Getting prepared for your accounting year-end

American coin half-buried in soil

By Lydia Thomas

Let’s face it, the financial year has a predictable rhythm, however, that doesn’t make it any less stressful when the deadlines are imminently looming. The year-end period is no exception, adding pressure to what is already a busy time of year on most farms.

For 80% of farm businesses, Spring year-ends are just around the corner and I’m sure are being met with some dread. This doesn’t have to be the case though, particularly if you plan ahead and make time to prepare accordingly.

Year-end success depends on strategic planning, robust processes and organisation. Prepare for the extra workload and think about what information you’ll need to make the process run smoothly. Taking these steps will help to aid with decision making, financing opportunities, loan renewals and facilitate business meetings with consultants, bank managers and discussion groups.

It doesn’t just end there. Multiple actions can be adopted to ease the stress and pressures of completing the financial year-end.

Below are just a few of our top tips:

Don’t leave the valuation forms until the last minute

Save a few hours on the last day of the financial year to walk around the farm and take a stock valuation. Don’t leave it until your next secretary visit as this can affect stock information.

Complete 90% of your calving record before March

There is nothing stopping you from completing April to February’s calving record in advance. Get this out of the way then you only need to complete the last month.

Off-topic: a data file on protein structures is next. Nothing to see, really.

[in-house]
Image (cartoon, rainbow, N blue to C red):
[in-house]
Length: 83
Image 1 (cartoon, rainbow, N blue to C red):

Use BCMS to get a list of current stock numbers and their ages

Animal age groups are a common cause of year-end headaches. Use your BCMS online records to get a printout of all stock on the farm listed by age on the day of your year-end. Your secretary will be able to sort them accordingly if you are struggling.

Have all cheque books to hand at your year-end visit

Often there are cheques missing, or blank stubs that will need reconciling. Have these to hand so that the secretary can look through them if needed. The same goes for bulk payment details – if these are not printed regularly, supplier balances can be out. Have these ready if requested.

Be prepared with bank statements

Your secretary or accountant might request missing bank statements. Be prepared to ring the bank or print missing information using your online banking. If you don’t have statement access online, it’s worth looking into.

Contact banks and HP companies

To ensure capital balances are correct, ask them to send you loan balances. These are often only produced annually, on your financial year-end date.

Collate all your spray records

Not only is this great for the secretary but also aids cross-compliance. It’s often hard to remember which spray went on which crop but spray records should hold this information, helping your secretary to produce accurate gross margin data.

Finally, be prepared for next year

Evaluate how you can make the process easier for the following year – whether that be by implementing something simple like having new folders and dividers ready or completing cropping and livestock records on a monthly and quarterly basis. Both will be valuable going forward.

Getting ahead

Taking the time to get ahead with account preparation will save time and hassle, and could put you in great stead for the next financial year.

Our Farm Business Analysts (FBA’s) are here to help with this process. They can complete harvest and calving information, fertiliser applications, tie up loose ends that have been forgotten during the year and collate information for your accountant. If it sounds like our FBA’s could benefit your business, please get in touch.